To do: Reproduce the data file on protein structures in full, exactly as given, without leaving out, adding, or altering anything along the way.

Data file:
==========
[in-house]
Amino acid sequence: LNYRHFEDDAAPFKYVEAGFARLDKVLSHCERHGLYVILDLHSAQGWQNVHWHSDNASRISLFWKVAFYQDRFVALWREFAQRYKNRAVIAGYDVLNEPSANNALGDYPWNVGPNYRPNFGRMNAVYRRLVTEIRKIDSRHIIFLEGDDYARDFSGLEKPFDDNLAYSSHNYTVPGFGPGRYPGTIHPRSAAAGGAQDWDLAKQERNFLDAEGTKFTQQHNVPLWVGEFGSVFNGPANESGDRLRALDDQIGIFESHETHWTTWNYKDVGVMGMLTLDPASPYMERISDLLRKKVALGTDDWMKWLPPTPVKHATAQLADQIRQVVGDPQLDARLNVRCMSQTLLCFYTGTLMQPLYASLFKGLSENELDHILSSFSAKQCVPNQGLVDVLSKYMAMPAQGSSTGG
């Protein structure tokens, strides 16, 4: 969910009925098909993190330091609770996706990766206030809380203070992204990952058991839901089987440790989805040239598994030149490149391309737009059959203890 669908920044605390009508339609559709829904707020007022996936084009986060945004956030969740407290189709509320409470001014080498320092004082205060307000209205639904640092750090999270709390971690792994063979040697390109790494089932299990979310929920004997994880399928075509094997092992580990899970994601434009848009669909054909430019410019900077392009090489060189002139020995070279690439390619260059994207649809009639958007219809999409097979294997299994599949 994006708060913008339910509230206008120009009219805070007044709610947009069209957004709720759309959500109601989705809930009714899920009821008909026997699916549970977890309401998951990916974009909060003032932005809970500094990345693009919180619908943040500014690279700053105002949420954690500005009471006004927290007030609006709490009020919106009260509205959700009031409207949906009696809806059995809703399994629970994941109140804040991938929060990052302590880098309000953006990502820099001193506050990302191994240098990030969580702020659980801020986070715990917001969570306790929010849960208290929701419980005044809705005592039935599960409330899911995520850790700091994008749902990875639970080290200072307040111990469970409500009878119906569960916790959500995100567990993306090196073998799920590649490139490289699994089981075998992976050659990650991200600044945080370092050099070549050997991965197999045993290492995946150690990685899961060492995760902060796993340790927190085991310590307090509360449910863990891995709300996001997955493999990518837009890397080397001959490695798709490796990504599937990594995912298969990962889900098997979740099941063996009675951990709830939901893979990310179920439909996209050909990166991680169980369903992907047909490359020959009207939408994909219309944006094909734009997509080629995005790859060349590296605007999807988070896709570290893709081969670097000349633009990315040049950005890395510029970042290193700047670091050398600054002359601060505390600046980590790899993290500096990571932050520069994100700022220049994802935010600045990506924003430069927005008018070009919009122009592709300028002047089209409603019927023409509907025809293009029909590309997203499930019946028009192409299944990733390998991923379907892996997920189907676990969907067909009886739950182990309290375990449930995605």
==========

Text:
[in-house]
Amino acid sequence: LNYRHFEDDAAPFKYVEAGFARLDKVLSHCERHGLYVILDLHSAQGWQNVHWHSDNASRISLFWKVAFYQDRFVALWREFAQRYKNRAVIAGYDVLNEPSANNALGDYPWNVGPNYRPNFGRMNAVYRRLVTEIRKIDSRHIIFLEGDDYARDFSGLEKPFDDNLAYSSHNYTVPGFGPGRYPGTIHPRSAAAGGAQDWDLAKQERNFLDAEGTKFTQQHNVPLWVGEFGSVFNGPANESGDRLRALDDQIGIFESHETHWTTWNYKDVGVMGMLTLDPASPYMERISDLLRKKVALGTDDWMKWLPPTPVKHATAQLADQIRQVVGDPQLDARLNVRCMSQTLLCFYTGTLMQPLYASLFKGLSENELDHILSSFSAKQCVPNQGLVDVLSKYMAMPAQGSSTGG
């Protein structure tokens, strides 16, 4: 969910009925098909993190330091609770996706990766206030809380203070992204990952058991839901089987440790989805040239598994030149490149391309737009059959203890 669908920044605390009508339609559709829904707020007022996936084009986060945004956030969740407290189709509320409470001014080498320092004082205060307000209205639904640092750090999270709390971690792994063979040697390109790494089932299990979310929920004997994880399928075509094997092992580990899970994601434009848009669909054909430019410019900077392009090489060189002139020995070279690439390619260059994207649809009639958007219809999409097979294997299994599949 994006708060913008339910509230206008120009009219805070007044709610947009069209957004709720759309959500109601989705809930009714899920009821008909026997699916549970977890309401998951990916974009909060003032932005809970500094990345693009919180619908943040500014690279700053105002949420954690500005009471006004927290007030609006709490009020919106009260509205959700009031409207949906009696809806059995809703399994629970994941109140804040991938929060990052302590880098309000953006990502820099001193506050990302191994240098990030969580702020659980801020986070715990917001969570306790929010849960208290929701419980005044809705005592039935599960409330899911995520850790700091994008749902990875639970080290200072307040111990469970409500009878119906569960916790959500995100567990993306090196073998799920590649490139490289699994089981075998992976050659990650991200600044945080370092050099070549050997991965197999045993290492995946150690990685899961060492995760902060796993340790927190085991310590307090509360449910863990891995709300996001997955493999990518837009890397080397001959490695798709490796990504599937990594995912298969990962889900098997979740099941063996009675951990709830939901893979990310179920439909996209050909990166991680169980369903992907047909490359020959009207939408994909219309944006094909734009997509080629995005790859060349590296605007999807988070896709570290893709081969670097000349633009990315040049950005890395510029970042290193700047670091050398600054002359601060505390600046980590790899993290500096990571932050520069994100700022220049994802935010600045990506924003430069927005008018070009919009122009592709300028002047089209409603019927023409509907025809293009029909590309997203499930019946028009192409299944990733390998991923379907892996997920189907676990969907067909009886739950182990309290375990449930995605």